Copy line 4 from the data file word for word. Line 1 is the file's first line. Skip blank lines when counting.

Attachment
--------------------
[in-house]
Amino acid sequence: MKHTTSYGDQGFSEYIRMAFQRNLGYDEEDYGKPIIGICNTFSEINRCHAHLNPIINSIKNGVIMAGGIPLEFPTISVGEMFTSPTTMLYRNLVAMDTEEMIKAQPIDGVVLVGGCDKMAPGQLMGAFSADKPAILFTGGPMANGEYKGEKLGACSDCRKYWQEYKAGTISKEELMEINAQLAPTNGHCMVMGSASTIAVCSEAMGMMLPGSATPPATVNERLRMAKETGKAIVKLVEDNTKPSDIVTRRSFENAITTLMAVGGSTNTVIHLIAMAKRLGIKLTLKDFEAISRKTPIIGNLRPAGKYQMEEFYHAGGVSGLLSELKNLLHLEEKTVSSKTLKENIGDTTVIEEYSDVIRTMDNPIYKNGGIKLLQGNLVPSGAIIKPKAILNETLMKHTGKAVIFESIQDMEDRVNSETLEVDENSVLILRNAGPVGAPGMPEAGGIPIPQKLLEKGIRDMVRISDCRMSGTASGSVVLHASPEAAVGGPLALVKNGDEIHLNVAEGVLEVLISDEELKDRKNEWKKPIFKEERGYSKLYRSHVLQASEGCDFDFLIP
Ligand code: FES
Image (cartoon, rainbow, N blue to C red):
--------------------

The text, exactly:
Image (cartoon, rainbow, N blue to C red):